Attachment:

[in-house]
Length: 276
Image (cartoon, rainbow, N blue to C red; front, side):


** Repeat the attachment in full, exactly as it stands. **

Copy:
[in-house]
Length: 276
Image (cartoon, rainbow, N blue to C red; front, side):